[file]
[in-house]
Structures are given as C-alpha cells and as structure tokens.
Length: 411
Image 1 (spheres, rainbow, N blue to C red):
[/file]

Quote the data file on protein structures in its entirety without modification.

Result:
[in-house]
Structures are given as C-alpha cells and as structure tokens.
Length: 411
Image 1 (spheres, rainbow, N blue to C red):